Home » Abba Kyari: Lessons to learn, questions to ask

Abba Kyari: Lessons to learn, questions to ask

by newshubmag

By Obafemi Babajide

Death they say is an inevitable end, when the eternal footman comes calling, no matter how highly placed, lowly classed or spiritual one is, it means the end has come; there might be no extra chance to address or re-address any nagging or pressing issue. Painfully or sadly, truth is, the end has truly come.

I do not want to speak for the whole of Africa but in Nigeria, you do not speak ill or gloat over the dead. Firstly, it is believed that no matter how younger the person might be to you if he/she dies before you, he, by the dint of dying first has automatically become your elder. Secondly, it is also believed that we all owe the eternal footman a debt, and this debt we must pay with our lives; this simply means, we all shall die one day not minding the circumstance and time. 

Abba Kyari’s death as shocking and surprising as it was to many, there should be a lot of takeaways from the life, times and circumstances of the death of that Aso Rock powerful figure. Watching how the Powerful Kanuri man was buried, if nothing was learnt, some emphases must be re-echoed here.  

For everyone in Nigeria, especially those who still doubt the existence and how dangerous this virus is, with the death of Nigeria’s Chief of Staff, you need no more conspiracy theory. You need no extra orientation, adhere to all warnings and keep safe because Coronavirus is not only real, it is deadly. Another emphasis is how ephemeral life in its entirety is. 

I do not know why I took a conscious interest in watching Abba Kyari’s burial; I should think it was because I wanted to know how his burial will be handled knowing full well what caused his death and the guidelines set for those who died in such circumstance. Whatever it was, I watched keenly and once again, I was disillusioned. Some sad realities sunk in, a lot of questions popped up, once again I became disinterested in so many things.

The first thing that caught my attention [although it was necessary] was the fact that his body was not brought down from the ambulance for prayers, his corpse had practically become a necessary outcast because of the circumstance of death, from being highly revered and sought after to being contained and about to be disposed of. What an ephemerality of life.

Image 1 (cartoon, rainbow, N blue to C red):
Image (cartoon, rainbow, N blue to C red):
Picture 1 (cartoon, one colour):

Secondly, he was forced down the second part of the dogged grave on bare and untilled mother earth [although that is the Islamic way of burying]. Could that be the same Abba that has lived in affluence? Could that be one of the strongest and loudest voices of command in the villa? Certainly, we brought nothing and with nothing we shall all depart.

Take a tour through memory lane, Abba Kyari was rumoured to be the de facto prime minister of Nigeria since 2015, whenever he wakes is when the villa wakes. Alas! He left silently without taking with him anything. Whatever he is left with as he gives account to his maker is what he was able to do in good or bad while alive. The simple lesson here is, live light, be good, do your best and know that power and position are transient, wealth and affluence will be left unattended to by the seeker one day.

Though a lot of mourners converged at his gravesite, for some, it is to confirm if truly he is dead and some, it is to start politicking on how to take over his seat; vanity on display everywhere. The rich fool, store up wealth and treasures, yet he has no control over his life, he neither also considers who will inherit them. The lesson here is that we all should try and live an impactful life in all ramifications.

To those questions to ask:

What is life, after all the struggle from birth, after all, achievements and after accumulating so much; and, you can’t even add a split second to your time when the time is up?

What is life, why the much ado over nothing, if as an individual with much wealth and achievements, we cannot lay all down and attend to issues concerning our health?

What is life, shrouded in so much secrecy, surrounded by sycophants and with so many pieces of baggage? What is life, without giving back to the poor and needy, without ones impact being positively felt in your surrounding and in the society? 

I love this line in the book” Macbeth” by the great author William Shakespeare, after the great Macbeth the power seeker had lost his wife who happens to be his encourager in chief. The line goes thus; “Life is a tale, told by an idiot full of sound and fury, signifying nothing.

For me rather than gloat or get excited over Abba’s death, or rather join those who mock the dead; I’ll rather join those who saw the light and a lot of positivity in him. I’ll rather wish him a peaceful rest and appreciate the much he had achieved and thus so far he was able to go. I’ll rather encourage him to take up his water bottle and go silently on his final journey of no return because the night may just be very long.

I’ll rather beseech him not to eat millipedes and warms, I’ll beg him to please feast on whatever they feast on in heaven. I’ll just say, rest on Abba Kyari, may Allah grant you Al Jannah Firdaus.  

Obafemi writes from isolation

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